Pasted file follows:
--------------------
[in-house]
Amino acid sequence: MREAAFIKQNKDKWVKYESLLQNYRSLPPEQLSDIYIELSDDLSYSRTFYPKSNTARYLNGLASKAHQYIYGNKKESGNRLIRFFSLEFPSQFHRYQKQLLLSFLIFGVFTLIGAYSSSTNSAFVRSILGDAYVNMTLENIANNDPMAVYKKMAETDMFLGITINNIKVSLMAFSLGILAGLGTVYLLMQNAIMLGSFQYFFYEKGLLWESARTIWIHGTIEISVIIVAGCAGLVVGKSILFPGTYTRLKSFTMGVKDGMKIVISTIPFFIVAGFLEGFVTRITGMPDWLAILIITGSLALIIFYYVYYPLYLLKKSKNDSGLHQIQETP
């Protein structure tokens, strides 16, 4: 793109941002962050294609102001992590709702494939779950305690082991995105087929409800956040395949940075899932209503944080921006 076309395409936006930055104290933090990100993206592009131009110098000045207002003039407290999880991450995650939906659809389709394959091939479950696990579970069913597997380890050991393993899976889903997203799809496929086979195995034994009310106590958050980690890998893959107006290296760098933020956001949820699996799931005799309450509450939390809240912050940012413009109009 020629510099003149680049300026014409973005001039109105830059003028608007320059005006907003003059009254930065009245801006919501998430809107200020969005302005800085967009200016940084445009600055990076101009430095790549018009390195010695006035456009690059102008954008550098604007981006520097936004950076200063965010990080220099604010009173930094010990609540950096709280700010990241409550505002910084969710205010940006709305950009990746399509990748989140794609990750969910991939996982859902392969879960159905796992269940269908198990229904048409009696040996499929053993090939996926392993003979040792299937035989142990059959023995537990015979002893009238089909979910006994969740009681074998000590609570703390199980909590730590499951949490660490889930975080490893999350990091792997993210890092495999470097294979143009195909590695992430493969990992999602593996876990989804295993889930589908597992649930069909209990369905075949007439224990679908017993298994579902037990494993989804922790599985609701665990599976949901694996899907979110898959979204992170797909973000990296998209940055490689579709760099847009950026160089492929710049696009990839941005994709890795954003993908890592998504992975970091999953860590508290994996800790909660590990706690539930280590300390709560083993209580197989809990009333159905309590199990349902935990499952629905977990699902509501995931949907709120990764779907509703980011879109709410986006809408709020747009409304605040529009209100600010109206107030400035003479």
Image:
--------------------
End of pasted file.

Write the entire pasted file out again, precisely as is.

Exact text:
[in-house]
Amino acid sequence: MREAAFIKQNKDKWVKYESLLQNYRSLPPEQLSDIYIELSDDLSYSRTFYPKSNTARYLNGLASKAHQYIYGNKKESGNRLIRFFSLEFPSQFHRYQKQLLLSFLIFGVFTLIGAYSSSTNSAFVRSILGDAYVNMTLENIANNDPMAVYKKMAETDMFLGITINNIKVSLMAFSLGILAGLGTVYLLMQNAIMLGSFQYFFYEKGLLWESARTIWIHGTIEISVIIVAGCAGLVVGKSILFPGTYTRLKSFTMGVKDGMKIVISTIPFFIVAGFLEGFVTRITGMPDWLAILIITGSLALIIFYYVYYPLYLLKKSKNDSGLHQIQETP
């Protein structure tokens, strides 16, 4: 793109941002962050294609102001992590709702494939779950305690082991995105087929409800956040395949940075899932209503944080921006 076309395409936006930055104290933090990100993206592009131009110098000045207002003039407290999880991450995650939906659809389709394959091939479950696990579970069913597997380890050991393993899976889903997203799809496929086979195995034994009310106590958050980690890998893959107006290296760098933020956001949820699996799931005799309450509450939390809240912050940012413009109009 020629510099003149680049300026014409973005001039109105830059003028608007320059005006907003003059009254930065009245801006919501998430809107200020969005302005800085967009200016940084445009600055990076101009430095790549018009390195010695006035456009690059102008954008550098604007981006520097936004950076200063965010990080220099604010009173930094010990609540950096709280700010990241409550505002910084969710205010940006709305950009990746399509990748989140794609990750969910991939996982859902392969879960159905796992269940269908198990229904048409009696040996499929053993090939996926392993003979040792299937035989142990059959023995537990015979002893009238089909979910006994969740009681074998000590609570703390199980909590730590499951949490660490889930975080490893999350990091792997993210890092495999470097294979143009195909590695992430493969990992999602593996876990989804295993889930589908597992649930069909209990369905075949007439224990679908017993298994579902037990494993989804922790599985609701665990599976949901694996899907979110898959979204992170797909973000990296998209940055490689579709760099847009950026160089492929710049696009990839941005994709890795954003993908890592998504992975970091999953860590508290994996800790909660590990706690539930280590300390709560083993209580197989809990009333159905309590199990349902935990499952629905977990699902509501995931949907709120990764779907509703980011879109709410986006809408709020747009409304605040529009209100600010109206107030400035003479």
Image: